Lexicon Tax

HMRC Connect

What is HMRC Connect?

The HMRC Connect Computer System is a supercomputer and analysing tool that was developed over many years with more than £100m invested into it. This supercomputer system was designed for HMRC to improve their ability to identify individuals that are understating or underpaying their tax liability. The system was first fully deployed in 2017 to be used on tax returns that were filed for 2015-16. Since its launch, the Connect system is said to have recovered more than £4bn in taxes.

In fact it is estimated that 90% of investigations are as a result of the Connect Intelligence tool. Think of it as the AI of the tax world.

The system is split into two distinct parts.

ACE (Analytical Compliance Environment): an environment that allows a small number of specialist analysts to manipulate, analyse and profile data. Tax information data is put into the ACE environment to match live claims against HMRC and third-party data. This helps HMRC identify any undeclared partners, directors, landlords, claimants living abroad and people with private bank accounts, indicating potential undeclared wealth.

ICE (Integrated Compliance Environment): a visualisation tool that displays linked data, shown as images on screen, with the results used to enable further targeted risk assessment.

 

What does the Connect system do?

Before the system was launched HMRC would have had to rely solely on the information provided in your tax returns or they would have to start a detailed investigation into an individual they may find suspicious or receive a tip-off about. Now, HMRC can scrutinise taxpayers by drawing on huge swaths of information that the Connect system collects.

To gain an idea of a taxpayer’s expenditure, this system collects data from government and corporate sources, as well as your social media profiles. If the information held by the Connect system does not necessarily line up with a tax return that has been submitted, then the account for that individual Is flagged and can be subject to a further investigation.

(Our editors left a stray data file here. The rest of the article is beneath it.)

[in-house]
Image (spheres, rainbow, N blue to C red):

This step is helpful for HMRC as it can clear up a slight concern that HMRC may have (that an individual may be understating their tax) if Connect flags an account that may have otherwise gone by undetected.

  • The system is used by around 4,000 staff in HMRC directly and most staff involved in investigations have access to it indirectly.

 

What information does HMRC have access to?

HMRC can now collect data from banks, peer-to-peer lender and even platforms like Airbnb to build a more comprehensive image of your spending. They also have access to Land Registry records to see if you’ve purchased any properties and whether you’re likely to be able to afford them.

But that’s not all. As previously mentioned, HMRC can even access public information you post on your social media accounts such as Facebook, Twitter, and Instagram as well as many other things such as:

  • Information on all payments on Visa and MasterCard transactions.
  • Details of all vehicles purchased and owned in your DVLA records.
  • UK and overseas bank records: HMRC can access information from banks in over 60 countries.
  • Any internal tax documents such as details of your council tax, any VAT registrations, and previous tax returns and investigations. Data from Customs which would seem obvious.